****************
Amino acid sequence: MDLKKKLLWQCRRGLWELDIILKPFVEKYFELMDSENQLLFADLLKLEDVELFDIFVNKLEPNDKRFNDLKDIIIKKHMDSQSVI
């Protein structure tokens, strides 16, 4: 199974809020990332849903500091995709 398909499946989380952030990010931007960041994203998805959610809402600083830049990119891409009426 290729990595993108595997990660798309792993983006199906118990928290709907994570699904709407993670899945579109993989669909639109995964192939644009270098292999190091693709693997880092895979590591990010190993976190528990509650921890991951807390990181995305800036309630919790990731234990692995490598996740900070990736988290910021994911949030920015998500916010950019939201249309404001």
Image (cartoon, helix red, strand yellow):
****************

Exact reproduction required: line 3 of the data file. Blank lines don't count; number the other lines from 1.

Image (cartoon, helix red, strand yellow):